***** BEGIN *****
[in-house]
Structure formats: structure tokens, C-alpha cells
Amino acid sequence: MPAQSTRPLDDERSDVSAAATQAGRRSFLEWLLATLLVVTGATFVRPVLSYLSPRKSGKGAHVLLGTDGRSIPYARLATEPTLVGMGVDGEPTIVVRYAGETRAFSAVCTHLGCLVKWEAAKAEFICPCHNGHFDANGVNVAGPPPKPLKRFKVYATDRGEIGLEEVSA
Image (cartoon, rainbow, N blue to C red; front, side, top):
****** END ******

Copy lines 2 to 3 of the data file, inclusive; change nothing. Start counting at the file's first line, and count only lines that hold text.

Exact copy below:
Structure formats: structure tokens, C-alpha cells
Amino acid sequence: MPAQSTRPLDDERSDVSAAATQAGRRSFLEWLLATLLVVTGATFVRPVLSYLSPRKSGKGAHVLLGTDGRSIPYARLATEPTLVGMGVDGEPTIVVRYAGETRAFSAVCTHLGCLVKWEAAKAEFICPCHNGHFDANGVNVAGPPPKPLKRFKVYATDRGEIGLEEVSA